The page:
Sure there are exceptions: Sally resolved an issue with the test deployment that had been blocking John for the past 2 days, or Steve finished the icon set that Sally had been waiting add to her own feature.  But these are the exceptions rather than the rule.  The vast majority of the time “what I did yesterday” just doesn't impact what we're doing today. And, when it does, it's already reflected on the scrum board.

So what happens to this question?  Well, once a team finds the flow of a Reverse Standup this question starts to feel less relevant.  As a result, many teams eventually make this question optional which results in it being skipped during most standups.  The exception is that the question is only answered when it's relevant to moving the team forward today.

Give it a Try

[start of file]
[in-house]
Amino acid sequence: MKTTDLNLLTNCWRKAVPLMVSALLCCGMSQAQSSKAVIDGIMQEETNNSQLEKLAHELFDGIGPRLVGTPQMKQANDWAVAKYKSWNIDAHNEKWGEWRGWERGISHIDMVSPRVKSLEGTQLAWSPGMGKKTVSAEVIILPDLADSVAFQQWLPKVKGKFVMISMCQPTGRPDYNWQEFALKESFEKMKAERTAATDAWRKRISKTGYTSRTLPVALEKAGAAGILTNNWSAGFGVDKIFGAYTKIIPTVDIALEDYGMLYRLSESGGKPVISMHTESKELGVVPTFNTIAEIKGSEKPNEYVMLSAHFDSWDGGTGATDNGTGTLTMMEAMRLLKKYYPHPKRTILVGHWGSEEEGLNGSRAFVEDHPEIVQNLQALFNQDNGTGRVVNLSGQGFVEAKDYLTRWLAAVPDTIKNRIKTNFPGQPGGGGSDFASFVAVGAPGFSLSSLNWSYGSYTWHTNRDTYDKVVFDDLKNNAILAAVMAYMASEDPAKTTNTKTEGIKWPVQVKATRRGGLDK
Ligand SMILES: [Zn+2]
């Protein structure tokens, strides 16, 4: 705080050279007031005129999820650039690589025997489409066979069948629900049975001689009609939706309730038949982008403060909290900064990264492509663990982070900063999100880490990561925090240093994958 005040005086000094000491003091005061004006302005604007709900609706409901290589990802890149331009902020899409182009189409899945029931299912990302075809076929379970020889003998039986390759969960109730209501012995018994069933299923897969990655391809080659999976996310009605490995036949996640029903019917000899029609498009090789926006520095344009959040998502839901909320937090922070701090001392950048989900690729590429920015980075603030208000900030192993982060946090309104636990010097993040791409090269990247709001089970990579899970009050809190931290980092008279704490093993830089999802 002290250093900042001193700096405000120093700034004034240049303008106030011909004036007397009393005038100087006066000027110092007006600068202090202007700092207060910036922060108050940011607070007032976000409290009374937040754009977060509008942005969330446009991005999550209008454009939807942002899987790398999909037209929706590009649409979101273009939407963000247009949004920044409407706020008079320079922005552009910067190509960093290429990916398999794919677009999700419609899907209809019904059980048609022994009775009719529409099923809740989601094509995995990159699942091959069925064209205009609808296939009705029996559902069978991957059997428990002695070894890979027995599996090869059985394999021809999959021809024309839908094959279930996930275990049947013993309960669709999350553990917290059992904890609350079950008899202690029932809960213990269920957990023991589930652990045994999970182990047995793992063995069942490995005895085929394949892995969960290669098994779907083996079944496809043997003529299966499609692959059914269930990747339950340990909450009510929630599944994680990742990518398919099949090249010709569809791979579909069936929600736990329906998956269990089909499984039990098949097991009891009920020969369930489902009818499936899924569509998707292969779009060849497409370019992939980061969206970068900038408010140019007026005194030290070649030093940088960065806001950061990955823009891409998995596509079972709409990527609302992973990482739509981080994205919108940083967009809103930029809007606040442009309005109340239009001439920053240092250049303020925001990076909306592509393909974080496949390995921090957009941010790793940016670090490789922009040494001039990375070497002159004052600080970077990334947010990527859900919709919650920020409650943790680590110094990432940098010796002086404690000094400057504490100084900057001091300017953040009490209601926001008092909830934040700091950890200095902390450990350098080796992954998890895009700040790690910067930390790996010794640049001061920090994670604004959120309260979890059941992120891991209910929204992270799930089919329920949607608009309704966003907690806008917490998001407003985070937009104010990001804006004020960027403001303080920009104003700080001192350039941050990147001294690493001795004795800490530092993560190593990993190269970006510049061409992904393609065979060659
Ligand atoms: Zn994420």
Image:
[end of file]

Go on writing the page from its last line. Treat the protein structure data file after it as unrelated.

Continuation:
If you're finding blockers aren't being called out as often as they should, or if you'd just like to breathe some life into a stale standup, give the Reverse Standup a try.  You may be surprised with the result

Want to see more about how to make textbook agile work on real teams? Check out my course, Agile in the Real World, for tips and techniques for making agile really work in your organization.

Don't have a Pluralsight membership yet? Try the entire Pluralsight course catalog free for 10 days here.

Comments Off on Turning Your Standups on Their Head

Type on the field below and hit Enter/Return to search